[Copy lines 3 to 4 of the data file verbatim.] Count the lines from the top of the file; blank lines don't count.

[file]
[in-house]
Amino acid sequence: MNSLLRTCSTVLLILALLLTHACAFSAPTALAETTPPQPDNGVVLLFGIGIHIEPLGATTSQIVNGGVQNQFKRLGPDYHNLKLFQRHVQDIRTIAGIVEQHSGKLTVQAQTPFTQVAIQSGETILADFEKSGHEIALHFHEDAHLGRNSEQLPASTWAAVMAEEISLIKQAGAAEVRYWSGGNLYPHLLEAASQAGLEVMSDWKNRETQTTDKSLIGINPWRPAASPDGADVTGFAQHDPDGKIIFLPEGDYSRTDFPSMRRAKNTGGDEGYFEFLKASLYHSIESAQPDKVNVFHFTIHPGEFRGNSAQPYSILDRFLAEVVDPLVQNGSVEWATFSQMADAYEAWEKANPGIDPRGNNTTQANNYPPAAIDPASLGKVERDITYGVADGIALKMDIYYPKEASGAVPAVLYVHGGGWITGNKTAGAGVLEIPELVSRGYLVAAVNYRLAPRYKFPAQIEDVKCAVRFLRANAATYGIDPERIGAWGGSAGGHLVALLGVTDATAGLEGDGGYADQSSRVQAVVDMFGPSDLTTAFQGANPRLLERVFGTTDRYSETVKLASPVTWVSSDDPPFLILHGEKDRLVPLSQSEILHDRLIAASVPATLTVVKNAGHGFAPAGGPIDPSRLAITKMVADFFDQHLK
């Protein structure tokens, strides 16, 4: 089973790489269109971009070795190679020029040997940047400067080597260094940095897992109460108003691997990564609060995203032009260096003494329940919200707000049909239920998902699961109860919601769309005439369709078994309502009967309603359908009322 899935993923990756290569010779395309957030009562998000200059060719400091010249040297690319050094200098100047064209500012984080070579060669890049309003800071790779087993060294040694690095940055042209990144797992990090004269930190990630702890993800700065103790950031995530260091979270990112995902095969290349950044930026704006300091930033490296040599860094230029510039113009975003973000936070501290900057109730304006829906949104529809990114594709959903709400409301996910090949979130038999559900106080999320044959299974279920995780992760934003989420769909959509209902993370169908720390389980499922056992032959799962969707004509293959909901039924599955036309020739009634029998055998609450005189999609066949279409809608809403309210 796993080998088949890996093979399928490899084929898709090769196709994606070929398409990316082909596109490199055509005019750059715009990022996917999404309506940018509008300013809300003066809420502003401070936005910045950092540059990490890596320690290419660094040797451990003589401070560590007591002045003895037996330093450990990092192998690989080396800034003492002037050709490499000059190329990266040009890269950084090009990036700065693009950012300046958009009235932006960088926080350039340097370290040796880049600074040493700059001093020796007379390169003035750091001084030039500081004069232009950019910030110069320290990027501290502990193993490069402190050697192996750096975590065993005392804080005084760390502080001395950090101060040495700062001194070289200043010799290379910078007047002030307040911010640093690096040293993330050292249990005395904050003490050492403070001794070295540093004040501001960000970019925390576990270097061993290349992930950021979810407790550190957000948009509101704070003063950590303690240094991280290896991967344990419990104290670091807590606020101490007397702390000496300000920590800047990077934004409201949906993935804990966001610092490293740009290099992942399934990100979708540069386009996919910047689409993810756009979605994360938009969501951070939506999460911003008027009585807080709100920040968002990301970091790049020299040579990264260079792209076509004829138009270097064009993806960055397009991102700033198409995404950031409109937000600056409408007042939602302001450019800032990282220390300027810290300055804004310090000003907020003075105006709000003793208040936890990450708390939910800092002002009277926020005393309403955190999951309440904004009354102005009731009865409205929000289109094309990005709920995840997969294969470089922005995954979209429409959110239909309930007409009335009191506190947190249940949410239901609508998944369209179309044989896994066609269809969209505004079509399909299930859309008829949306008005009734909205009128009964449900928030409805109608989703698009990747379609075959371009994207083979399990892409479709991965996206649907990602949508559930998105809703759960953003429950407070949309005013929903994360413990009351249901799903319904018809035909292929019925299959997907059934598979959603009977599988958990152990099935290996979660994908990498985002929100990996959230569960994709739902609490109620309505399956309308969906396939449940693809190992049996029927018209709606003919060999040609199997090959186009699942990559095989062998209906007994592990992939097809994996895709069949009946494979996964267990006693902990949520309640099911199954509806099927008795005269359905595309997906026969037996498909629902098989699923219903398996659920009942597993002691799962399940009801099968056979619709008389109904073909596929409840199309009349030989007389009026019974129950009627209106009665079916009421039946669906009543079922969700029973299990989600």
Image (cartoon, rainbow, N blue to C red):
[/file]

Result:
């Protein structure tokens, strides 16, 4: 089973790489269109971009070795190679020029040997940047400067080597260094940095897992109460108003691997990564609060995203032009260096003494329940919200707000049909239920998902699961109860919601769309005439369709078994309502009967309603359908009322 899935993923990756290569010779395309957030009562998000200059060719400091010249040297690319050094200098100047064209500012984080070579060669890049309003800071790779087993060294040694690095940055042209990144797992990090004269930190990630702890993800700065103790950031995530260091979270990112995902095969290349950044930026704006300091930033490296040599860094230029510039113009975003973000936070501290900057109730304006829906949104529809990114594709959903709400409301996910090949979130038999559900106080999320044959299974279920995780992760934003989420769909959509209902993370169908720390389980499922056992032959799962969707004509293959909901039924599955036309020739009634029998055998609450005189999609066949279409809608809403309210 796993080998088949890996093979399928490899084929898709090769196709994606070929398409990316082909596109490199055509005019750059715009990022996917999404309506940018509008300013809300003066809420502003401070936005910045950092540059990490890596320690290419660094040797451990003589401070560590007591002045003895037996330093450990990092192998690989080396800034003492002037050709490499000059190329990266040009890269950084090009990036700065693009950012300046958009009235932006960088926080350039340097370290040796880049600074040493700059001093020796007379390169003035750091001084030039500081004069232009950019910030110069320290990027501290502990193993490069402190050697192996750096975590065993005392804080005084760390502080001395950090101060040495700062001194070289200043010799290379910078007047002030307040911010640093690096040293993330050292249990005395904050003490050492403070001794070295540093004040501001960000970019925390576990270097061993290349992930950021979810407790550190957000948009509101704070003063950590303690240094991280290896991967344990419990104290670091807590606020101490007397702390000496300000920590800047990077934004409201949906993935804990966001610092490293740009290099992942399934990100979708540069386009996919910047689409993810756009979605994360938009969501951070939506999460911003008027009585807080709100920040968002990301970091790049020299040579990264260079792209076509004829138009270097064009993806960055397009991102700033198409995404950031409109937000600056409408007042939602302001450019800032990282220390300027810290300055804004310090000003907020003075105006709000003793208040936890990450708390939910800092002002009277926020005393309403955190999951309440904004009354102005009731009865409205929000289109094309990005709920995840997969294969470089922005995954979209429409959110239909309930007409009335009191506190947190249940949410239901609508998944369209179309044989896994066609269809969209505004079509399909299930859309008829949306008005009734909205009128009964449900928030409805109608989703698009990747379609075959371009994207083979399990892409479709991965996206649907990602949508559930998105809703759960953003429950407070949309005013929903994360413990009351249901799903319904018809035909292929019925299959997907059934598979959603009977599988958990152990099935290996979660994908990498985002929100990996959230569960994709739902609490109620309505399956309308969906396939449940693809190992049996029927018209709606003919060999040609199997090959186009699942990559095989062998209906007994592990992939097809994996895709069949009946494979996964267990006693902990949520309640099911199954509806099927008795005269359905595309997906026969037996498909629902098989699923219903398996659920009942597993002691799962399940009801099968056979619709008389109904073909596929409840199309009349030989007389009026019974129950009627209106009665079916009421039946669906009543079922969700029973299990989600």
Image (cartoon, rainbow, N blue to C red):